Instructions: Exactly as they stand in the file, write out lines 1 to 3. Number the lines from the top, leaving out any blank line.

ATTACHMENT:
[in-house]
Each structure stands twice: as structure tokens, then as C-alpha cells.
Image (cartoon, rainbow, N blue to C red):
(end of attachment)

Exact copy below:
[in-house]
Each structure stands twice: as structure tokens, then as C-alpha cells.
Image (cartoon, rainbow, N blue to C red):